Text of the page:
If you have hard water and are thinking about installing a water softener, you may find that installing one yourself is cheaper than getting it done professionally. The good news is it is possible to install one yourself with the right tools and knowledge. If you haven’t had any experience with home improvement projects, you might want to call a professional, since it does require some work with pipes.
Pick a System: The first thing you need to do is pick out a softener system. You aren’t going to be able to install anything without a system. Be sure to do some research so you find the right one for your needs, budget, and space. There are systems that require salt and there are salt-free options. Both types of systems have the same difficulty to install, depending on the way the pipes connect and what types of pipes you have. Salt and salt-free systems are comparable in price, but if you are using salt, you will need to factor that into your cost. Magnetic systems aren’t as common as systems that use salt, but they are easy to install and many can install these without any problems.
Pick the Right Location: Once you know what type of system you are going to be installing, you will need to choose a place to do so. This might need to be done while picking a unit, since some water softeners are quite large and you want to make sure it will fix in the designated space. The best location is one that is dry, level, and doesn’t have any direct sunlight or extreme temperature changes. If you are putting it in the basement where it can tend to get cold, it’s fine as long as the area doesn’t get below freezing. You don’t want your water softening system to freeze up during the cold months. Many water softener systems will have two tanks, so you will need space in order to accommodate both of them side by side. Most units will also need electricity, so you will need to have a space that is near an electrical outlet. Also choose a space that allows for water waste to be drained. Once you have chosen the right spot, measure to make sure you can leave about 10 inches between the water heater and water softener system. Be careful of installing the system too close or downstream from the water heater, since the high temperatures can damage the softener system. Depending on where you live, installing a whole house system will require you to conform to building codes and you may need a permit. Check with your city before you begin, in order to get the right system and get a permit if necessary.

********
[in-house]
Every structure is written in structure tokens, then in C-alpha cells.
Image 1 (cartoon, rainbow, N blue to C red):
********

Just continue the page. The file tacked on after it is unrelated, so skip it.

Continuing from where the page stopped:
Install the Bypass Valve: Now that you know the perfect space, install the bypass valve. You need to turn off the water line and the power to the water heater for safety. Turn on the faucets in the home, so you can clear the water lines in the house. Then you can install the bypass valve. This valve is used to divert water flow from the water softener if needed. The process involves pushing it into the right place and securing it with clips, so with a few videos you should be able to do it.
Connect the Water Supply: Next is connecting the water softener to the water supply in the home. This can be done using a hard pipe or a flex line. If you use a flex line, it will be easier to remove it in the future if you need to.
Connect the Drainage: When it goes through a regeneration cycle, the water softener will need to drain the wastewater. You can set up drains to your preference. Many people will either choose a floor drain or standpipe, or have it drain into a utility sink. Use the valve drain fitting that you bought with your water softener and then connect it to the small drain tubing. Then take the drain elbow from the salt tank and connect it to the overflow drain hose. The two hoses will need an air gap, and you will need to position them so that they can properly drain. You will also need a trap for the discharge.
Power It Up: Once installed, it’s now time to make sure it is working properly. You will need to put salt in the unit before starting it up if you are using a system that requires salt. Once you have the salt in, slowly turn the water supply back on. You want to do this slowly to avoid any sudden pressure changes, which can damage the unit. Make sure you follow the user manual for your specific unit and follow any steps it requires when setting it up for the first time.